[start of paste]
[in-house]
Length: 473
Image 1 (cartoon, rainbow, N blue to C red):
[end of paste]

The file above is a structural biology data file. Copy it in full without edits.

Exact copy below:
[in-house]
Length: 473
Image 1 (cartoon, rainbow, N blue to C red):